19th Century town may just brush off the feared

By Mary Zielinski
Posted 12/31/98

The anticipated Y2K computer problem and the possible difficulties it may cause is the subject of a series starting with this issue of The Kalona News. The articles will cover the origin and …

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19th Century town may just brush off the feared


The anticipated Y2K computer problem and the possible difficulties it may cause is the subject of a series starting with this issue of The Kalona News. The articles will cover the origin and definition of the problem, discussions of what may occur in a variety of areas in which technology is a key factor and what has, can be and is being done about the possible problem.

When the Y2K problem (supposedly) shuts down the world at 12:01 a.m. January 1, 2000, Kalona could be a good place to be. In fact, this town with its on-going 19th Century presence could just brush the “millennium bug” away.

Exactly what Y2K will produce, if anything, is estimate, speculation, possibility, prediction and, possible outright nonsense.

Y2K, also referred to as the “millennium bug,” stands for the Year 2000. It has become the “shorthand” notation for an anticipated computer glitch that could shut down, worldwide, a number of computer functions in everything from private business to public utilities. No one knows if the shutdowns will occur and, if they do, how long they will last. Estimates range from minutes and hours to days and weeks. And scenarios for what will follow cover anything from reoccurring, annoying inconveniences to outright Armageddon.


How did Y2K arise?

Approximately 30 years ago, computer programmers, faced with a need to conserve memory space on the computers, wrote programs with only two digits (such as “98” to express 1998) to cover a year. In a period where computer memory cost 10,000 times more than it does today, that was an important saving. And, at that time, the programmers expected that software would be changed and updated long before the century ended. It was, but the two-digit shortening stayed in place. Hence, the problem then is that when 2000 arrives the computer will read it as 1900.

So? So, the computer will conclude that a century has gone by and, according to some predictors, will start shutting down things because it has gone far beyond a programmed maintenance schedule.

The problem has not been ignored. In fact, a great number of businesses, worldwide, have moved to make their systems Y2K compliant. The actual work is not difficult, for the most part it means replacing an imbedded microchip.


The problem lies in the number of microchips. As Richard N. Nunno wrote in a recent Congressional Research Service report:

“Correcting the year field is technically simple.” The hard part is finding all the areas in software where dates are critical and figuring out how to coordinate with other computers.

In more familiar terms, consider having one service station that has to do routine tune-ups for 3,000 vehicles by next Thursday, and you have an idea of what the Y2K problem is like.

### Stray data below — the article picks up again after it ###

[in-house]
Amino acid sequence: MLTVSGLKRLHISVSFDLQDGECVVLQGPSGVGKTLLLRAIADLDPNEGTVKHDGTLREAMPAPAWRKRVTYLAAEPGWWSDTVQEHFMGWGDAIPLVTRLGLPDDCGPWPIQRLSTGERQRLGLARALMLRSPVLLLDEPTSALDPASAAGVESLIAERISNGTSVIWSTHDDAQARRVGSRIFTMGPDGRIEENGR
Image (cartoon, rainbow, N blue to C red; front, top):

It’s not the lack of technical skill but of time. The deadline is absolute: December 31, 1999 will arrive on time.

A great many private businesses started moving toward compliance as much as four years ago. The federal government has required banks to become complaint before the end of 1999, and many of them are.

Businesses in this country alone will spend between $300-$600 billion getting their systems ready.

Wild stories

Because no one reallly knows what will happen when the countdown date is reached, the predictions and theories range from it will make no difference, be hardly noticed, to society will completely breakdown and anarchy will rule.

The Gartner Group, a consulting firm that deals with high-tech matters, stresses that “A bomb-shelter mentality is not called for. Preparing for the millennium should be more like preparing for a storm that will last less than a week.”

Reportedly, there have been tests run in which computers were advanced to the critical time and date and that systems have shut down. There are wilder reports, too, with Internet web sites offering everything from gold and silver “at a discount” to guns and ammunition. And, there are many offering books, videos and lots and lots of advice—all for a price. Many of the alleged reports could not be confirmed, and the plan for disaster “frenzy” carries with it the very clear odor of opportunism.

However, the absolute disaster scenarios have led a number of people into Amish areas where sales of lanterns, woodburning stoves and related items have soared, especially in Ohio.

Obviously any area that has a long tradition of self-reliance, of coping without technology, let alone high-tech, could very well just brush off the “millennium bug.”

However, a few precautions and some planning is advised, and the subsequent articles will cover what is happening locally and what steps already have been taken. Areas involved are finance, communication, transportation, agriculture and local government.

Additionally, The News would appreciate any information from local businesses who may be dealing with the potential problem.